What is Petroleum?

Petroleum is referred to as “Black Gold.” This name itself is an indication of its importance to humans. Crude oil is considered to be the “mother of all commodities” as it is used to manufacture various products such as pharmaceuticals, plastics, gasoline, synthetic fabrics, etc. Petroleum or oil has also been the world’s leading source of energy since the 1950s.

Petroleum is a liquid which occurs naturally in rock formations. This consists of a complex mixture of different molecular weights of hydrocarbons, plus other organic compounds. Some petroleum-produced chemical compounds are also obtained from other fossil fuels.

Petrochemicals are produced mainly at a few manufacturing sites around the world. Petroleum is also the raw material for many industrial products, including pharmaceuticals, solvents, fertilizers, pesticides, synthetic fragrances, and plastics.


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Petroleum Meaning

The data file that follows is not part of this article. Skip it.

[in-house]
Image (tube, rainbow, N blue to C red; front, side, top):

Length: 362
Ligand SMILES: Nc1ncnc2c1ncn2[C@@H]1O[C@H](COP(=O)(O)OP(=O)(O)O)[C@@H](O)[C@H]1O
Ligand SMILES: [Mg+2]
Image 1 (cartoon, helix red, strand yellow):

The word petroleum translates to “rock oil.” It is derived from the Greek word “petra” and the Latin word “oleum”. When it is drilled from the ground in the liquid form, it is called crude oil. Humans have known about its existence for 4000 years. However, the first time crude oil was pumped from the ground was 2500 years ago in China and the world’s first crude oil well was drilled in Pennsylvania, USA only in the year 1859.

Petroleum or mineral oil is India’s next biggest source of energy after coal. It supplies heat and lighting power, machinery lubricants, and raw materials for a variety of manufacturing industries. Petroleum refineries for synthetic textiles, fertilisers and numerous chemical industries act as a “nodal industry.” Most of India ‘s petroleum occurrences are associated with anticlines and fault traps in tertiary-age rock formations. It occurs in folding regions, anticlines, or domes, where oil is trapped in the unfolded crest.

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How is Petroleum Formed?

        • Petroleum is formed from the remains of dead plants and animals.
        • When plants and animals die, they sink and settle on the seabed.
        • Millions of years ago, these dead wildlife and vegetation decomposed and got mixed with sand and silt.
        • Certain bacteria helped in the decomposition of this organic matter and caused some chemical changes.